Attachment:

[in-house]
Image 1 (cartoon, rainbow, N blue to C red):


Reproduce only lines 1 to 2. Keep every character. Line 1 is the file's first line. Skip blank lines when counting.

[in-house]
Image 1 (cartoon, rainbow, N blue to C red):